Archive for November 30, 2021

Tuesday is for Giving

A new holiday was launched in 2012 to balance out the self-absorbed madness of Black Friday and Cyber Monday: Giving Tuesday.  That’s TODAY!  People from all over—business, charities, communities, families—are entering into the spirit of giving.  In fact, as of yesterday, the movement’s website listed over 2100 partners in this endeavor.

The beauty of this is that EVERYONE can participate.  If not with our wallets, then with our excess food in our pantries or the second Buy-one/Get-One-Free item.  Or with that like-new clothing we that loved when we bought it but know we’ll never wear.  Or with those toys our kids opened Christmases ago but sit in their boxes, un-played with.  Or blankets and rain ponchos for the homeless who are about to be caught in what promises to be a series of bad storms.  Or simply with the gift of our time: to help at a shelter or soup kitchen; to visit a lonely elder in a nursing home; to comfort a grieving family; to be with a troubled child.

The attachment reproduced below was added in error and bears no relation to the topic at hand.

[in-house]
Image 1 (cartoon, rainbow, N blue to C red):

Yes, I really like this idea of a Giving Tuesday and hope it grows larger and stronger every year.  It turns my sour taste of Friday and Monday into the sweet anticipation of a Christmas season packed with all the meaning it’s supposed to have.

Hanukkah–Season of Light and Miracles

To all my Jewish friends and readers: May the light of the season always shine brightly on you and your loved ones.  Happy Hanukkah !

Earth-Friendly Computers

Shopping for a computer for college in the Fall?  Look for an eco-friendly one that saves money.  Buy one of the new energy-efficient models with a fan that doesn’t run constantly.  If just a moderate number of us did this we’d cut computer energy use in half and save $5.5 billion.

[For more easy, Eco-friendly tips, download a FREE copy of Green Riches: Help the Earth & Your Budget. Go to www.Smashwords.com/books/ view/7000, choose a format, and download to your computer or e-book device. Or download a free copy from your favorite e-tailer.]

Shopping Warning

Read the following, from Consumer Reports, then 1) protect yourself while shopping and 2) go to https://act.consumerreports.org/VubaIJ9 to email your to stop this blatantly unfair practice.